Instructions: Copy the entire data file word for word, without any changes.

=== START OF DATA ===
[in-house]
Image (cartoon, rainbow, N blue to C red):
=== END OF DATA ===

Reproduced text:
[in-house]
Image (cartoon, rainbow, N blue to C red):